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April 2014

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Regulation for electric heating

Control for electric heating

  Quality regulation is important for every heating system; however, it is of key importance for electric heating – and despite that, it is often underestimated. Regulation has a very important influence not only on the parameters and on the comfort of heating, but mainly on its operating costs. As it isn’t easy to choose the correct type of regulation, you can find explanations of the meanings of the most common terms used in connection with regulation in the chapter Glossary of terms.  
 

Home regulation

This includes regulators for common environments – i.e. for family houses, flats, offices, shops, schools etc. The regulator (thermostat) is usually located directly in the interior of the heated room, and it controls connected heating on the basis of monitored parameters (air temperature in the room, floor temperature). Regulators can be analogue or digital (programmable), they can read room temperature and/or floor temperature (floor heating), and feature various setting and programming options.

Outdoor and industrial regulation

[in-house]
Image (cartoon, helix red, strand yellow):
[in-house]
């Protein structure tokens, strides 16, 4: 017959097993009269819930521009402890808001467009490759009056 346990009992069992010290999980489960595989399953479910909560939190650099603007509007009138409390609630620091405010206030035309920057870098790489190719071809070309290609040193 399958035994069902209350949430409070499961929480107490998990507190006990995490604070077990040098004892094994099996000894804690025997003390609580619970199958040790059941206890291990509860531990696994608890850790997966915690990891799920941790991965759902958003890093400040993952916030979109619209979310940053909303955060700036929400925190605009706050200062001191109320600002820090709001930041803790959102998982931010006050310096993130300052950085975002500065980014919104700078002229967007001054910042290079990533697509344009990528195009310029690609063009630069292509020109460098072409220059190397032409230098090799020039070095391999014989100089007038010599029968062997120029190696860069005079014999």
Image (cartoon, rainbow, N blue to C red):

For outdoor regulation applications (anti-freeze protection of pavements, driveways, eaves troughs and drainpipes, anti-freeze protection of pipes) and industrial regulation (workshops, production operations, warehouses etc.), specific parameters are required – for example, the reading not only of temperature but also of humidity, non-standard ranges of measured temperature, higher robustness of temperature sensors, humidity resistance, higher IP coverage and so on. The execution and design of such regulation therefore depends on these requirements and so it is not used for standard heating.

Central regulation

Central regulation is a higher level of home regulation for electric heating – it maintains the main advantage of electric heating, i.e. individual control of each room, but it provides higher accuracy, the greater convenience of controlling the heating from one place, and usually the option of control via a PC. Also, in this way a record is created of the operating time and temperatures in the individual rooms in a given period.

Wireless regulation

Wireless regulation means that there is no cable wiring between the switching contact, which lets electric energy into the connected heater, and the thermostat, which measures the room temperature and in which the heating programme is stored. Communication takes place in a wireless way – via a radio frequency (RF). This system is ideal particularly after reconstruction because it is easy to replace original or completely absent electric heating regulation. Some systems of this kind enable the connection of parts of the heating system into one unit, and thus wireless central regulation is created.

Special regulation elements

Other equipment which doesn’t necessarily need to be connected directly to heating is also used for regulation. This includes, for example, regulators for attenuation temperature and programmable timer switches which work together with other regulation elements or devices which disconnect certain appliances (circuits) in the case of a “consumption peak” and thus lower the size requirement for the main circuit breaker of a building.
 

 
2010-10-12 10:28:50 +0200